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Seven Hills Foundation: Assistive Technology Kit

Student Researchers:

Nathan Ghion – Mechanical Engineering, 2016

Kevin Lou – Biomedical Engineering, 2016

Dalton Oakley – Biomedical Engineering, 2016

John Valley – Electrical and Computer Engineering , 2016

Project Sponsor: The Seven Hills Foundation

The Seven Hills Foundation in Worcester is dedicated to ameliorating impaired individuals, using assistive technology. The Foundation has been providing services and support for people in need since 1951. Its mission is to help those with disabilities or crippling ailments pursue a healthier and more independent life-style. Seven Hills focuses on “empowering individuals with disabilities to live more fulfilling lives by becoming members of their respective communities through individualized supports and services” (Seven Hills Family Services, 2014).

The ASPiRE! Program

Seven Hills Family Services, an affiliate of Seven Hills, created the ASPiRE! program to promote the independence of its participants. For the disabled, greater independence can lead to higher self-esteem and require less supervision. Participant independence would also allow Seven Hills Family Services to better allocate the time of its professional caregivers and provide similar benefits to the supporting family members of the participants. Seven Hills Family Services is considering low-tech assistive technology (AT) as a way to help its participants become more independent.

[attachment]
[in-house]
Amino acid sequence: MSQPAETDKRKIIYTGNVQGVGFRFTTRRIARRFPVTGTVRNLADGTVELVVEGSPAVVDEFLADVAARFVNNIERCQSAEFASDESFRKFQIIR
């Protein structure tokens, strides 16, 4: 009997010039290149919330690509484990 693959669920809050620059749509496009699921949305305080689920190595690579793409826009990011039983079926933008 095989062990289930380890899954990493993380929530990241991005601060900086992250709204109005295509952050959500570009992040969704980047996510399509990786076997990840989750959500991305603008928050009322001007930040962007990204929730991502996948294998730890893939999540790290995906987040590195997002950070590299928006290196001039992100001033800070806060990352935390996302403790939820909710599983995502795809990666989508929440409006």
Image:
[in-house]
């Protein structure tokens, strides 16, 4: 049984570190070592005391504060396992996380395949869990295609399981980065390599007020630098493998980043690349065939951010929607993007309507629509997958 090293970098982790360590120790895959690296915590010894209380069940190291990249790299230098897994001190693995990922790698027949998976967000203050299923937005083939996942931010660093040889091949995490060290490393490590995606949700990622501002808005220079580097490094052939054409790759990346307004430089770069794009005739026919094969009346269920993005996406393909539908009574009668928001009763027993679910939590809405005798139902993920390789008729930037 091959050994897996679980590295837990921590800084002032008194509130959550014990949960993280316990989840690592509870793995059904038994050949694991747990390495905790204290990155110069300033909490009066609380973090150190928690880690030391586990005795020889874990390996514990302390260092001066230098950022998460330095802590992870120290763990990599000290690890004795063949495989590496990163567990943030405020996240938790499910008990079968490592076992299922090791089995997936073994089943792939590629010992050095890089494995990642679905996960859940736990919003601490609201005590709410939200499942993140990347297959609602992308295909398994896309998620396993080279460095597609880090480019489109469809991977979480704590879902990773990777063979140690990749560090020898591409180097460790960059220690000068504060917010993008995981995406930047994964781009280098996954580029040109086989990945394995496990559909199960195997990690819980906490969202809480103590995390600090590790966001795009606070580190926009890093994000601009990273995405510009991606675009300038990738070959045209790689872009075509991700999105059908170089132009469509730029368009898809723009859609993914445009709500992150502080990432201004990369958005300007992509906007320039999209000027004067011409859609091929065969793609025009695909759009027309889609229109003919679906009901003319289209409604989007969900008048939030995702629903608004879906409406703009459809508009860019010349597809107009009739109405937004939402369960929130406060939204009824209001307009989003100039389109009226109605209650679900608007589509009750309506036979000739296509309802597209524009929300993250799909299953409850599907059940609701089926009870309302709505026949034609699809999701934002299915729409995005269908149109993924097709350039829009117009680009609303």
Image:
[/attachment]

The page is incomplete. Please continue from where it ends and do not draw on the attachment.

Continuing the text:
Goals and Objectives:

The goal of our project was to develop and implement a low-tech assistive technology (AT) kit for the Seven Hills ASPiRE! program.

Objective 1: Assessing baseline need and solutions for the kit

A study was done to quantify the prevalence of each major type of disability, physical or cognitive, at the ASPiRE! program. Based on the study, we generated several AT solutions that will benefit the participants. Then we evaluated all candidate solutions. There was a score assigned to each potential solution. This score was based on the frequency of use, impact, and convenience. Solutions were also chosen based on the needs of the participants of ASPiRE!. Components of the kit  included the materials and tools to build the chosen solutions.

Objective 2: Establishing usability and cost criteria

Criteria was established to assess the usefulness and cost of the kit. As the kit catered to both the physically and cognitively disabled participants at ASPiRE!, the cost of including different combinations of AT solutions in the kit was studied with the purpose of including solutions that catered to participants with various developmental disabilities. Customization based on specific disabilities was used to ensure that most or all participants can benefit from the kit.

Objective 3: Implementation of AT kit

Two training sessions were offered at the ASPiRE! site for the implementation of the AT kit. The first session was staff only, followed by the second session consisted of both the staff and participants. We showed the prototype of the kit, materials included, and why we chose the materials. We introduced the AT book and showed how our kit integrated these solutions. We created short video clips that show how to construct several assistive technology solutions. The video clips were included in our kit and shown in our training sessions. An assembly guide was included in the kit. This was a detailed step-by-step guide on how to create the kit itself.

Objective 4: Distribution of kits

For the scope of this project, a prototype AT kit was developed and implemented at the ASPiRE! site in Worcester. After the project was completed, the kit was to be developed and produced beyond the prototype stage. It will also be distributed to various programs of the Seven Hills Foundation to help participants at these programs.

Final Report:

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